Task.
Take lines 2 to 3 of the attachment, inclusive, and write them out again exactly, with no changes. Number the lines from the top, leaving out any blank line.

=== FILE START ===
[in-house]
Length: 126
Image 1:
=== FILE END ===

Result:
Length: 126
Image 1: